Are you using a short rubber ducky antenna?  Getting a 15"/38 cm one to replace it might just help you out enough to avoid the need for the hat.

As a bonus, when you are using the radio handheld, you will get better signal than you are now also.

They make a big difference.
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KG4RUL
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« Reply #7 on: April 18, 2013, 02:01:51 PM »

Get yourself a vest or harness that allows the radio to be higher up on your body.  That, along with a longer antenna, may salve your problem.
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K1CJS
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Posts: 6045




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« Reply #8 on: April 19, 2013, 04:02:42 AM »

I'm going to speak bluntly, please don't take offense.  You are NOT going to get much of an advantage with a hat mounted antenna.  The only thing you're going to do is to make yourself look silly.  The amount of RF energy that a HT on your belt gets compared to what a hat antenna with coax (and the losses through the connectors and the coax) gets are essentially the same.

I agree with the person who advised you to get a vest and wear the HT there.  THAT is the more practical solution, both from the signal strength and the 'looks' viewpoint.  There is also the question of the HT itself.  You only get what you pay for, so if you want better reception, get a better HT.
« Last Edit: April 19, 2013, 04:09:22 AM by K1CJS » Logged
K4RKY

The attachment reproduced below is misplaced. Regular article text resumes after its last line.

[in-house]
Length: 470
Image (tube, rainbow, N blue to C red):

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Posts: 59




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« Reply #9 on: April 19, 2013, 10:58:57 AM »

Are you using a short rubber ducky antenna?  Getting a 15"/38 cm one to replace it might just help you out enough to avoid the need for the hat.

As a bonus, when you are using the radio handheld, you will get better signal than you are now also.

They make a big difference.
[/quote ]

I agree...  just purchase a 16 inch antenna to replace the OEM? (assuming you haven't already?) My HT works noticeably better since I updated mine. It rarely leaves my belt when I'm out and about.
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Rick ^i^
VE3FMC
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« Reply #10 on: April 19, 2013, 01:54:11 PM »

Seriously, all of this discussion for the 2 meter band?  Grin
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KG4RUL
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« Reply #11 on: April 19, 2013, 02:00:10 PM »

Seriously, all of this discussion for the <insert your least liked band here> meter band?  Grin